Second World War veteran Harold Thorp thumbs open a pocket-sized diary, and lightly blows apart its delicate pages.
He’s looking for a particular passage and when he finds it he beams a victorious smile. It was a Valentine’s Day, Feb. 14, 1945, in Burma. That was the day he began to lose his hearing.
It was an armories dump, he explains while reading from the passage, and the explosions were incredible. Still, as a young man, he couldn’t resist getting closer.
He couldn’t hear properly for days, and while it mostly returned in the weeks to come, the blasts are most likely what led to him losing his hearing later in 1960. Today, in his 90s, he has only 50 per cent hearing in one ear, none in the other. He tells this story while sitting around a table at the Br. 4 Canadian Legion, downtown on Mary Street.
“I don’t think I’ll ever see anything quite like this again,” the tiny diary reads. Everyone around the table knows the weight of that young man’s statement. They include fellow veterans Werner Hockin and Nick Kosowan, both 92. The two were in Normandy together, but didn’t meet until the latter moved to Chilliwack after the war.
They are good friends now, and Werner helps Nick answer questions about his time in the war.
They are all joined together by the Legion, which was part of the purpose of the organization in the first place. They’ll celebrate the Legion’s 90th anniversary this weekend, with a trio of events to honour the sacrifices of those who lost their lives in the war, but also to celebrate the work Legion members have done in Chilliwack over nine decades.
And contrary to popular belief, it’s not difficult to join the ranks of the Legion. Today, only about a third of the members are veterans. Others are people who simply wish to serve veterans, whether through active volunteering or just helping fill the coffers through drink and food purchases at the Legion clubhouse.
Current President Elaine Dahl’s father was Second World War veteran, Flying Officer Thomas Chiverton. His service is one of the reasons she chooses to be involved.
“We are just hoping that more people care,” she says. “If it weren’t for our veterans, other people would not have the opportunities that they do. Our veterans made this country free.”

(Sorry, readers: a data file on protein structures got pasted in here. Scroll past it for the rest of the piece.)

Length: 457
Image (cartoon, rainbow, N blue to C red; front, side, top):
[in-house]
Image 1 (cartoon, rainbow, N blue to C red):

It’s very easy to be a member, she adds, and the local rate is $55 a year.
Money raised helps veterans, but also goes toward the many good causes the Legion supports, including cadet programs. Nationwide, Legionnaires donate back $6.5 million to communities.
While the number of Second World War veterans is dwindling — there are just a handful left in Chilliwack — there are new veterans, veterans from lesser-discussed combats, and veterans who didn’t see active duty.
Many veterans are more than willing to share their stories, photographs, and feelings about their time overseas. Werner, Nick and Harold spread their photographs across a table, admiring the images of their younger selves.
“Tell the story about how they didn’t send you home,” someone says to Werner.
“When the war ended in May of 45 I thought ‘oh boy, my repat is up,’” he says. “But they said no, you’re going to Hamburg, Germany for the occupation.”
He stayed there until the following April, working on aircraft engines on a base, mostly Spitfires, he adds. With no wife or children to go home to, he was low on the list of soldiers to send back. And when he finally got on a ship to go home, he wasn’t alone.
“There were what, 10,000 on board,” he says, nodding to Nick for agreement. “You could hardly walk.”
He sways back and forth to mimic the motion of the boat. The trip took five days, and when he got home, he says it was the best feeling.
“But I didn’t know what to do with myself.”
But he married and had children, and went on to deliver oil to homes in Chilliwack.
For Nick, a good memory is being named a ‘batman’ for a short while. The entire group laughs at the name, and Nick smiles. His job was to polish buttons and generally take care of a higher officer. He also came home and married.
Another veteran can be found behind the bar three days a week at the legion. George Smith, 84, says the legion runs on volunteer power, and they need more.
“We have a good crew here and this is one of the best legions in B.C.,” he says. “If it weren’t for them (the volunteers) we wouldn’t be here. They work themselves to the bone.”
The Royal Canadian Legion, Branch 4 Chilliwack received its charter on March 21, 1927. To celebrate the past 90 years, there will be a public candlelight service at the Cenotaph behind the museum at 7:30 p.m. on Friday, March 17.
A special invite-only gala is being held on March 18 for guests and members, at Evergreen Hall.
And on Sunday, March 19, the entire community is invited to join in a pancake breakfast from 10 a.m. to 1 p.m., downstairs at the Legion.